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Archive for the ‘Thriller’ Category

They Call Me Ms: A Vic Carella Mystery by Terry Adcock

Reviewed by Dianne Woodman

They Call Me Ms. takes place in the Washington metropolitan area and introduces readers to Private Investigator Vic Carella. Mitch Goldberg hires Vic to locate his stolen luxury yacht. What Vic thinks is just a simple problem of tracking down a missing vessel turns into a challenging and dangerous adventure as Mitch was not forthcoming when Vic agreed to take on the case. It comes to light Mitch is tangled up with a criminal organization that engages in arms smuggling, money laundering, and human trafficking.

Mitch’s dead body turns up before Vic figures out who might have hidden the yacht and its location. Vic’s inquiries to determine who killed Mitch and his involvement in illegal and nefarious activities bring her to the attention of miscreants. She comes up against seemingly inescapable and life-threatening situations. Concurrently with Vic, law enforcement officials are investigating. Who will prevail? Will the individuals engaged in unlawful activities get away with their crimes or be stopped by Vic and/or police and government agencies?

The novel is a terrific debut in A Vic Carella Mystery series. Vic, the newly featured female private detective, tells the story from her point of view. Terry Adcock’s writing style lets readers get a first-hand look into Vic’s emotional and behavioral responses to ethical dilemmas. All the characters are imbued with distinctive personality traits, which affect their approach and reaction to situations. New challenges and more complications for the characters make readers want to know what will happen next. How complicated will their personal lives become? Can they overcome obstacles in their way? The profanity chosen by Adcock suits the characters. Read the rest of this entry »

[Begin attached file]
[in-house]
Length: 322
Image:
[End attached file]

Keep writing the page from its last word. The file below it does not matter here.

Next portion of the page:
The People vs. Alex Cross by James Patterson

Reviewed by Allen Hott

A typical Patterson book. The People vs Alex Cross is long and detailed but it is also interesting enough to hold the reader’s attention to the end. Alex Cross is a good long time cop who does have somewhat of a reputation for shooting those who oppose him……but it has always been proven that they provoked the shooting by pointing a gun at him or something that made Alex pull the trigger.

In this one he has shot and killed several followers of a major nemesis of his and he contends that they had guns drawn and were pointing them at him. His entire family is in the courtroom in his support and when it appears to be a closed case Alex’s nine year old son, Ali pulls off an astounding work that actually convinces the court to go on hold and rethink the evidence.

Strangely enough while all of this court room drama is going on Alex, along with his fellow police officers, is being drawn into an even deeper situation. It seems John Sampson, Alex’s former partner who is on temporary has gotten involved a case of missing girls. Not only are they young and very pretty but they also are all blondes. Everyone in law enforcement knows that they have been taken prisoners for those reasons. And they also feel quite sure that nothing but harm can come to these young women. Read the rest of this entry »